Lost in the haze of the governor’s “endless summer” tour touting tax cuts and the political bickering that it’s created is a crucial piece of information: a report from the administration on how revenues fared in June, the final month of the 2012 budget year.
Earlier this month, the Office of Legislative Services (OLS) warned lawmakers that the June numbers weren’t pretty. It advised that through June, FY 2012 revenues could be so low that the surplus available for the recently approved 2013 budget could be cut by $200 million. The governor’s office attacked OLS once again, asserting that FY 2012 revenue from sales, corporate and income tax was actually $85 million above the revised estimates.
The governor himself stepped into the tempest, telling the Record on July 6 that he will able to close the argument about this year’s budget later this month if June tax collections are good. “If we hit our numbers in June, maybe it’s time for them to shut up,” he said. By then, the governor should have already had an early indication of actual collections.
If he had encouraging preliminary numbers, the one has to wonder why they have not been formally released, as they would bolster to the governor’s claims that the state can afford a tax cut.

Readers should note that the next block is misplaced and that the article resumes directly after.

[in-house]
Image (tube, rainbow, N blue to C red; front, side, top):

As we noted in early June, the chances that tax collections that month could meet the administration’s targets for the year were slim:
• Corporate business tax would have had to grow by 15 percent, even though it had only grown by 1.8 percent in the prior 11 months.
• Sales tax would have had to grow by 8.3 percent, even though it had only grown by 2.4 percent in the prior 11 months.
• Income tax would have had to grow by 4.3 percent, even though it had only grown by 2.4 percent in the prior 11 months.
Typically, administrations are quite casual about releasing tax collection reports during the summer. In fact, despite the governor’s Executive Order requiring the release of a monthly revenue report, this administration has never provided a revenue report in July.
Given the controversy over the revenue projections, and the huge impact collections will have on the feasibility of a tax cut, the administration is obliged to provide timely and accurate information on June’s numbers. Without them, we do not know if revenues are nearly $200 million below the administration’s estimates for FY 2012 or $85 million above them – a difference that will shape just how large the FY 2013 shortfall becomes. If OLS is correct, the $200 million gap this year will result in a FY 2013 shortfall of at least $400 million, and possibly even more if growth in FY 2013 is less than the administration’s optimistic projections.
Full Disclosure: As State Treasurer in 2008 and 2009, my office did not release any revenue information until October of each year.
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